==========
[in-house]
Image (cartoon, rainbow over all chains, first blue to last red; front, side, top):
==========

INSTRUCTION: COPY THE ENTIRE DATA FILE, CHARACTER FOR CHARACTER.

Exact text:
[in-house]
Image (cartoon, rainbow over all chains, first blue to last red; front, side, top):